"The Word became flesh and made his dwelling among us. We have seen his glory, the glory of the One and Only, who came from the Father, full of grace and truth." John 1:14

Monday, May 6, 2013

Knowing Joy

I have become acquainted with a great many leaders and teachers over the decades. Seeing them from a distance, most seem admirable, projecting just the right balance of humility, giftedness and strength. Coming to know them on a more intimate level, their human frailties and flaws become more evident (as with all of us). A few exceptional men have proven over extended periods of  time that they are who they seem to be. When this happens, it is a priceless, inspiring experience. Take that experience and multiply it by an infinite power, and you will begin to understand how Paul felt about knowing Jesus Christ:

"But whatever was my profit I now consider loss for the sake of Christ. What is more, I consider everything a loss compared to the surpassing greatness of knowing Christ Jesus as my Lord, for whose sake I have lost all things. I consider them rubbish, that I may gain Christ and be found in him, not having a righteousness that comes from the law, but that which is through faith in Christ and the power of his resurrection and the fellowship of sharing in his sufferings, becoming like him in his death, and so, somehow, to attain to the resurrection from the dead." Philippians 3:7-11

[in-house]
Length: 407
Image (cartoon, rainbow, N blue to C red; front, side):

Paul had just admonished the Philippians not to rely on the works of the flesh (in this case, trying to fulfill the law of Moses) to achieve righteousness before God, and reminded them of his own accomplishments, education and birthright to take pride in such things. Now he elaborates that all of that is less than worthless (counting it all as rubbish) in comparison to knowing Christ. His righteous standing before God is not by keeping the law, or personal perfection of some sort, but is by trusting in the perfection of Christ, who fulfilled the law on our behalf--deep faith in him resulting in a willingness to join in his sufferings--dying as he did, to be raised as he was. I believe that Paul's use of "somehow" here cannot imply that he must be good enough at all this to attain resurrection (thus contradicting the thrust of his argument), but  simply means it is beyond his ability to explain the miracle of it.

Mature faith is so enthralled with Jesus, so obsessed with him, that nothing else matters, or if it does, it only matters as a temporary means of glorifying (and bringing others into relationship with) him. This is true serenity and joy, when all that matters is knowing him in all his excellence, integrity, faithfulness and gifts. It does not happen by straining or human effort, but by giving him our all. We give everything to him, not because he needs it from us, rather so that he can redeem it all in time. Paul could joyfully say that he had lost everything for Jesus. If we see Paul's faith as special and beyond our abilities to achieve, we forget that he was once full of hatred and murderous venom. Jesus took the greatest of sinners and transformed him into a light for the ages so that we would have the same hope, the same possibilities, and the same joy.

Know Jesus, know joy.

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